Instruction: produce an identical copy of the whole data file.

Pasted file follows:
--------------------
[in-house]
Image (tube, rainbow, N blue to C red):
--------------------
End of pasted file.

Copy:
[in-house]
Image (tube, rainbow, N blue to C red):